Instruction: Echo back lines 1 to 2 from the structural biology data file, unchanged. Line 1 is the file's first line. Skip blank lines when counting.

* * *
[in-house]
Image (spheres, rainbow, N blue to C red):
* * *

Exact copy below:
[in-house]
Image (spheres, rainbow, N blue to C red):